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. 1997 Nov;5(6):622-31.
doi: 10.1002/j.1550-8528.1997.tb00584.x.

The Thermic Effect of Food and Obesity: A Critical Review

Free article

The Thermic Effect of Food and Obesity: A Critical Review

L de Jonge et al. Obes Res. .
Free article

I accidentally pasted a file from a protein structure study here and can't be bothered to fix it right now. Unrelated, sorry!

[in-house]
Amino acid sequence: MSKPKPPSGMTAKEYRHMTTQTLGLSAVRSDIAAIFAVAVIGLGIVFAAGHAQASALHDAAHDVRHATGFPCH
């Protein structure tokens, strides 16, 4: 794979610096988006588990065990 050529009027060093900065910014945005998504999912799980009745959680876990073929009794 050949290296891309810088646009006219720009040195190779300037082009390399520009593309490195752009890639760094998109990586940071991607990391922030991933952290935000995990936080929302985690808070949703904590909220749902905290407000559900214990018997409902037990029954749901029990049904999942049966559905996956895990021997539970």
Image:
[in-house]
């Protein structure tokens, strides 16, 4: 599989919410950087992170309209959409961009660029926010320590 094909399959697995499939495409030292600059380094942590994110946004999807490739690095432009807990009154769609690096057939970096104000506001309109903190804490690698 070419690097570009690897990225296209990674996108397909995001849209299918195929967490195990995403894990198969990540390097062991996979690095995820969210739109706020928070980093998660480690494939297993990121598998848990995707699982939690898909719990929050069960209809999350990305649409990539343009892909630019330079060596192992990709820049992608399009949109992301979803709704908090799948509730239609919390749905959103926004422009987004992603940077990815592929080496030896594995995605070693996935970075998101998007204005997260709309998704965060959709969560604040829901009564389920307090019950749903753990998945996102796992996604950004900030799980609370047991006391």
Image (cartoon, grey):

This review has examined the factors that influence the thermic effect of food (TEF) by evaluating 49 studies that have compared subjects who are obese with those who are lean. Meal size, meal composition, the nature of the previous diet, insulin resistance, physical activity, and ageing influence TEF. In the studies of individuals who are obese or lean, of those who used intravenous glucose infusions, all but one found an impaired thermic response. A total of 29 out of 49 studies of individuals of normal weight or with obesity were identified where there was no difference in age between the groups, and where the subjects who were "overweight" were clearly obese. Of these 29, 22 reported a statistically significant reduction in TEF, 3 studies were not designed to look primarily at the effect of obesity on TEF, and the other 4 may not have had sufficiently palatable meals. From this review, we conclude that the reduction of TEF in obesity is related to the degree of insulin resistance, which may be influenced by a low level of sympathetic activity.

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